The press release goes on to say: “Since the summer, the Lukashenko regime and its supporters have initiated a hybrid attack on the EU, especially Lithuania, Poland and Latvia, which have experienced an insidious new threat in the form of the instrumentalisation of desperate people.”

In case the message wasn't clear: EU institutions and governments want you to consider the movement of people towards EU territory as a threatening attack. This discourse, which appears to have been brought into the debate by the Greek authorities in early 2020, is dehumanizing and legitimizes the treatment of asylum-seekers as “other than human,” Felix Bender has argued.

In a recent letter to the Commission seen by Statewatch, the Meijers Committee has argued that existing EU law is sufficient to address the situation at the borders with Belarus, and that the situation does not justification the imposition of emergency measures.

“[T]he current humanitarian emergency results from disregard for existing European standards on the treatment of refugees at the common external borders,” says the letter. “Compromising EU standards in asylum law will not solve a geopolitical crisis. Instead, it will weaken the EU’s image to the world as a community of values.”

Instead, it appears that the “weaponisation” discourse adopted by the Commission and the member states has had the effect described by Bender: the proposed ‘solution’ to the situation is to limit peoples’ rights and subject them to an even greater likelihood of abuses in the name of ‘defending’ the EU.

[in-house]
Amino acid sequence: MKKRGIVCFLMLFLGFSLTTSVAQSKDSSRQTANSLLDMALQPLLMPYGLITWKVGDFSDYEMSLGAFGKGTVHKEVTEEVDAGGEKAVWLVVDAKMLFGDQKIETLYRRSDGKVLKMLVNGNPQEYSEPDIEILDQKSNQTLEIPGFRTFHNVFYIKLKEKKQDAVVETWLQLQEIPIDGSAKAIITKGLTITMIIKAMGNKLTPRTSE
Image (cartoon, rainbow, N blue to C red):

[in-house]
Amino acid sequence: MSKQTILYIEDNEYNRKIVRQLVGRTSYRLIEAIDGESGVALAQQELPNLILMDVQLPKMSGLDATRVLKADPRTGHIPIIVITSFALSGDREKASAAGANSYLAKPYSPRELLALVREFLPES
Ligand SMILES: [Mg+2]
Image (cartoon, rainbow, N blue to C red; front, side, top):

Based on Article 78(3) of the Treaty on the Functioning of the European Union, the emergency measures only require that the Parliament be consulted – it therefore has no binding say. The Parliament held a debate on the matter yesterday. Statewatch published a draft version of the proposal earlier this week, available here.


New Schengen rules

The Parliament will have a say, however, on the proposals that were introduced this week, two weeks after those for emergency measures. Coming alongside various other proposals for modified Schengen rules, the Commission said they will “make the area without internal border controls more resilient.” A headline in Politico described them as “tougher border rules to tackle migrants, disease and terrorists” – the three enemies du jour.

The first of these proposals, modifying the Schengen Borders Code, has multiple objectives:

  • “Uniform application of measures at the external borders in case of a threat to public health”: a reaction to the uneven implementation of rules introduced at the start of the COVID-19 pandemic;